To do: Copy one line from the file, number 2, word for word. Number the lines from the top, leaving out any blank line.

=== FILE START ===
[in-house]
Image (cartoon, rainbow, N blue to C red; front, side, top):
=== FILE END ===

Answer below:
Image (cartoon, rainbow, N blue to C red; front, side, top):